A couple of caveats:  For a deep cut that could be stitched, it would probably be better to go to a doctor.  And you should wash the wound well with soap and water (if available) before applying black pepper.  Also, I reckon the pepper should be ground pepper.  We usually use the unground peppercorns, but I’ve always kept the ground pepper on hand (no pun intended).  Thank God for that.  Can you imagine holding a peppermill over a bleeding wound, trying to grind out enough pepper to stop the bleeding? 

So, perhaps you’re wondering if Tom got the job he interviewed for.  Well, no.  He’s still looking.  But I’m sure it’s only a matter of time.  There must be plenty of people out there looking for a “seasoned” veteran with a lot of “pep.”  Oh well…we’ll just have to see how it all “shakes” out.


13 Responses to “A Well-Seasoned Man”

  1. June Says:

    My stomach flipped at least twice while reading this…even with your warning to be prepared…but what a story! And what great information! We’re at least 40 minutes from the nearest hospital and I’ve tried not to worry about one of us having an accident of this sort. Now I have something in reserve to do should it ever (hopefully never) come to that. You can bet I’ll be checking my cupboard and making sure ground pepper is up there! And now I’m wondering WHY it works. It may have to become a Friday Fact!! 🙂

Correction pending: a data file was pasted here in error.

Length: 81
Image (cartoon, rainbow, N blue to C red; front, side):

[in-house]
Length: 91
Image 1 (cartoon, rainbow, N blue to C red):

2. CountryDew Says:

    That’s a very good tip. My husband is always cutting or banging up some digit or the other on his hands. I am allergic to black pepper but I do keep some around for him. Now I know it has even more uses! I am glad your husband’s hand is better and I hope he finds what he’s looking for soon.

  3. blueridgebluecollargirl Says:

    June and Country Dew: One thing I didn’t mention in my post was how incredibly well Tom’s wound has been healing in the days since his mishap. Not only did the black pepper stop the bleeding, it seems to have healing properties, as well. I should mention that we did put triple antibiotic on the bandage, but we left the pepper in place. We’re still amazed that it worked so well. It’s definitely a condiment worth its “salt.” 🙂

  4. colleen Says:

    This is uncanny because I cut myself quite badly over the weekend. I was taking out the trash and the bag swung and a broken cup inside stabbed me. We used cayenne to stop the gushing blood. It’s my second time using it and it works instantly. The cut is on the back of my leg between my ankle and calf, the area needed a lot for walking. I’ve been crawling around the house…can not walk! I haven’t posted about it yet, but I’m sure it will turn up soon.